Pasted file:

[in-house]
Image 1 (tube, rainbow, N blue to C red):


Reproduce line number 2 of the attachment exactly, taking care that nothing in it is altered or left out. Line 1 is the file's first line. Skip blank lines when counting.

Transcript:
Image 1 (tube, rainbow, N blue to C red):